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Use of Quantitative Molecular Diagnostic Methods to Identify Causes of Diarrhoea in Children: A Reanalysis of the GEMS Case-Control Study

This article, published in The Lancet, reports the results of a study that reanalyzed the Global Enteric Multicenter Study data to identify the leading causes of diarrhea in children under five years of age in sub-Saharan Africa and south Asia. The authors found that the six most attributable pathogens, in descending order, were Shigella, rotavirus, adenovirus 40/41, heat stable enterotoxin producing E. coli, Cryptosporidium, and Camplyobacter. These six pathogens accounted for 77.8 percent of all attributable diarrhea, indicating a high burden of disease and for which targeted prevention and treatment interventions should be prioritized.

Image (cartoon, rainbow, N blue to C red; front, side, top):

Author: Liu J, Platts-Mills JA, Juma J, et al.

Published: 2016

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(Located at www.thelancet.com)

Citation: Liu J, Platts-Mills JA, Juma J, et al. Use of Quantitative Molecular Diagnostic Methods to Identify Causes of Diarrhoea in Children: A Reanalysis of the GEMS Case-Control Study. The Lancet. 2016;388(10051):1291-1301.

Resource types: Peer-reviewed journal

Diseases/vaccines: Shigellosis and enterotoxigenic Escherichia coli (ETEC), Rotavirus

Topics: Disease burden and surveillance, Disease/vaccine specific information

Regions: Africa, Asia